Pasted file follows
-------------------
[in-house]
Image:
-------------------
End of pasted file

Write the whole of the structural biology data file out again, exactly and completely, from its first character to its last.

[in-house]
Image: